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Alongside Athletics, Swimming is considered a blue riband event in multi sport games. With a multitude of medals on offer, often countries with strong swimming programs end up very high in the ranking tables at multi sport games. Australia is a shining example. Unfortunately in spite of a billion plus population living in the backdrop of umpteen rivers and lakes, India has been a virtual non entity in the sport of aquatics. The reasons are aplenty. Against this backdrop, some 10 summers ago a talented teenager by the name Virdhawal Khade, became the youngest Indian swimmer to qualify for Beijing Olympics. Khade, then all of 16 years swam in the the 100m freestyle, along with India's best ever breaststroke talent, Sandeep Sejwal. Fast forward 10 years to the Gold Coast Commonwealth Games this week, India is still spearheaded by the handsome six-footer Khade now all of 26 years. A lot of water has flown under the bridge for Khade and Indian swimming, but Khade is still the flag bearer of Indian swimming..or so it seems. A holder of 5 national records that he has held for the best part of a decade, Khade is a sprinter focusing more on the shorter 50 freestyle and 50 butterfly. His best years were in the 2008-10 period, which culminated in a bronze at the Guangzhou Asian games 2010, at his pet 50 butterfly event, the same day Ashish Kumar won a bronze for India in Gymnastics. A career which was about to reach out to the stars aborted due to a host of factors. He, along with 3 other swimmers had met the 'B' qualification marks set by FINA for the London Olympics. It was one of the big mysteries of Indian sport that Khade and/or the other 3 qualifers were ignored and A.P.Gagan was sent for the 1500 m event. Probably this was the straw that broke the camels back. Khade sought the security of a government job and he was appointed as tahsildar (revenue inspector) by the State government in 2012. Posted in rural Maharashtra, Khade's workload and nature of work impacted his swimming schedule adversely. He missed the 2014 Commonwealth & Asian Games, the Rio Olympics and the 2013/15 World Championships. Also read: Commonwealth Games 2018: Complete schedule by discipline Probably his inherent love for swimming pushed him to secure a transfer back to Mumbai. Balancing profession alongside 6 hours in the pool and a couple in the gym is no mean feat. But it is a testimony of his love to his sport and penchant for hard work that is seeing him on the plane to Gold Coast. He recently won medals at the Singapore Open Championships with timings within a couple of strokes from his national records swims a decade ago. His 23.02 seconds 50m freestyle swim compares very well with his national record of 22.68 seconds, and this with just 6 months hardcore training.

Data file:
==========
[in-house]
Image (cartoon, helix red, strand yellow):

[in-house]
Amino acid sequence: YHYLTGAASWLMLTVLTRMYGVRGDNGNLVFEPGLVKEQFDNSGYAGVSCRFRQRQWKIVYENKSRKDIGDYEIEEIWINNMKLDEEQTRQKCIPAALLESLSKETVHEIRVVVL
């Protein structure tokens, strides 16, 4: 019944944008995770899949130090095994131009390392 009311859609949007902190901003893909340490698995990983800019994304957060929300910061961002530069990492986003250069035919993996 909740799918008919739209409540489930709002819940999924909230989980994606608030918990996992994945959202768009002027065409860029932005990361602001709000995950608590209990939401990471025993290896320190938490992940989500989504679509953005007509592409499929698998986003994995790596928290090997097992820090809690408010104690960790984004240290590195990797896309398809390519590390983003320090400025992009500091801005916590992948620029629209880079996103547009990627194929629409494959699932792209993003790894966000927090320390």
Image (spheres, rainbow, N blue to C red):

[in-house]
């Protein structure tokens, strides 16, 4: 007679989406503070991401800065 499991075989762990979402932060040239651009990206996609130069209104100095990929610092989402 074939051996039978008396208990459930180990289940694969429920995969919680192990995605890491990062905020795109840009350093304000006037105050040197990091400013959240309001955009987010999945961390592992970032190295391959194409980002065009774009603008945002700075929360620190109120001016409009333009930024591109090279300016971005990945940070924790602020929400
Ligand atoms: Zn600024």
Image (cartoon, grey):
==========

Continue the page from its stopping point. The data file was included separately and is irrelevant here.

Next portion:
'Never say die' attitudeAccompanying him to Gold coast is Srihari Natraj, the teenage backstroke specialist and probably India's best talent since Khade himself. Long of hands and limbs, Natraj seems to break national records in the 3 backstroke distances almost every time he enters the pool. The 17 year old shot into prominence at 2017 nationals with a clean sweep in the backstroke distances with national records. He won the title of Best Swimmer Award too. Natraj carried this form into the Khelo India School Games, breaking his own 100m backstroke record. In the process he also qualified for the Youth Olympics to be held later this year. The strategy of pitting him against 100 m freestylers during the 100 backstroke seems to be paying off. Natraj has a great sense of awareness about his own weaknesses and where he stands against the elite swimmers (many of whom will be at Gold Coast). His eagerness to learn and work hard on his shortcomings makes him the anointed one amongst the rising stock of young Indian male swimmers. Natraj holds the national record in 50m (26.58 secs), 100m (56.90 secs) & 200m (2.04.11 secs). With so much elite competition in the form of Asian Games and Youth Olympics to come, this 17 year old should end 2018 a much improved swimmer. Arguably India's most versatile swimmer, Sajan Prakash is the third swimmer of the Indian contingent. More of an endurance swimmer than a sprinter, Sajan will participate in 100 & 200 butterfly apart from 1500 m free. He holds the national record the last two events. The 200 fly seems to be his pet event, but Sajan struggles at the back end of the event after being almost at par with the leaders for the first 100. He would need to improve his national record of 1.59 by over 3 secs to make the final. Prakash who has been training in Phuket, Thailand under a FINA scholarship has recently shifted base to Dubai, where India's national coach S.Pradeep has his academy. It will be a futile exercise to compare the best timings of the Indians with the swimmers from leading nations as an enormous pool of proven and to be proved talent from the powerhouses like Australia, England, South Africa and other British nations will ensure that the 3 Indians stay away from the podium and even the semifinals/finals. But Khade & Co will be richer by the experience, especially the youngster Nataraj, who will feel the pangs of big tournament pressure for the first time. More than skills, it will be their temperaments that will be on test.